It goes without saying that the Calgary Flames intend to be active before the March 3 trade deadline. But as the saying goes: you gotta give to get, and the Flames have a few assets we think that teams would be calling and asking them about.
Here’s a tour around the types of players (and other pieces) we think Brad Treliving is getting asked about.
Futures-centric trade chips
2023 first or second-round picks
First-rounders (or second-rounders in good draft years) are always strong currency to be spent. Treliving reportedly was asked, and declined, to include the 2023 pick in the Sean Monahan trade, leading to the Russian nesting doll of conditional picks they’re tied up in for awhile. As a result, the Flames aren’t allowed to move their firsts in 2024, 2025 or 2026 until Montreal receives whichever pick the conditions settle out to. So the Flames might have to bite the bullet and give up a high pick in this year’s stacked draft.
One of their top tier forward prospects (Jakob Pelletier, Connor Zary or Matt Coronato)
If the Flames decline to move their first, teams will probably ask about their young forwards. They have a left wing (Pelletier), a centre (Zary) and a right wing (Coronato) who are all having strong seasons and trending very well. They all have different strengths, but in a trade for a good NHL asset, they could be a big part of a package to land somebody significant.
He might be the top goaltender outside of the NHL right now. You bet Treliving is getting asked about him.
One of their second tier prospects (Emilio Pettersen, Lucas Ciona, Jeremie Poirier or Arsenii Sergeev)
Are they as exciting as the top-tier guys? Well, not quite. But these four guys are promising, despite some rough spots, and in a trade for a secondary asset, perhaps a secondary prospect might work? Or they can be bundled with a second-rounder in a package, perhaps?
Young, established roster players
He’s young! He’s good! He’s signed beyond this season! And if you’re a team that desperately needs goaltending help, Vladar is a really tantalizing asset.
Dube’s been having a good season, really taking a step forward in terms of consistency and in-game impacts. He’s also on a good contract, especially relative to his impacts, so teams are going to ask about him.
Ruzicka’s a fantastic bargain right now at just a smidge over league minimum ($762,500). The Flames might have too many guys on the roster for him to get a regular top nine spot, and teams may gamble that the Flames want to cash out now and get some value back – especially with the Flames having their top forward prospects potentially needing roster spots moving forward.
Good veterans (that the Flames probably decline to move)
One of Mikael Backlund, Blake Coleman or Andrew Mangiapane
Why would teams ask about these guys? Well, they’re excellent at their roles, but aren’t scoring a ton. If I’m a team that needs strong secondary players, these are the types of players I target: cost-controlled (e.g., signed for awhile) but really reliable and smart players.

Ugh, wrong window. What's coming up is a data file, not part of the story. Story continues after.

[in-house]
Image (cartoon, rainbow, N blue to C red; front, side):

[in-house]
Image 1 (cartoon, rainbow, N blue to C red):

Why would the Flames not move them? Well, they know what they have and likely value them highly. Mangiapane just re-signed this summer, while Backlund and Coleman have no-trade clauses in their deals.
“I guess we could take Lucic’s deal to make the cap math work?” is probably a phrase that gets uttered at some point. But Lucic has a no-move and a no-trade in his deal, so it seems incredibly unlucky that the trigger gets pulled on such a deal.
Kylington’s really good and signed to a really inexpensive deal compared to his probable impacts. If you’re a team that saw his big step forward in 2021-22 and went “Where can I get one of those?” you’ll probably see if the Flames are willing to move him. (There aren’t many players like Kylington around, so we don’t see it happening.)
Inexpensive depth players (Trevor Lewis, Michael Stone or Brett Ritchie)
Are you going to replace these guys with more reliable players or guys that cost less? Stone and Ritchie are league-minimum ($750,000) cap hits and Lewis is just a hair above that ($800,000).
Don’t even ask about ’em
There are players that the Flames probably won’t move unless you make a hefty, hefty offer. So it doesn’t seem to make sense to bother asking about Elias Lindholm, Tyler Toffoli, Nazem Kadri, Jonathan Huberdeau, Jacob Markstrom, Rasmus Andersson, Noah Hanifin, Nikita Zadorov, MacKenzie Weegar or Chris Tanev. It’s not that these guys are untouchable, but between their affordable cap hits or having no-trade or no-move clauses in their deals, it seems unlikely that the Flames would want to part ways with them.
Which Flames assets do you think are most likely to be moved by the trade deadline? Let us know in the comments!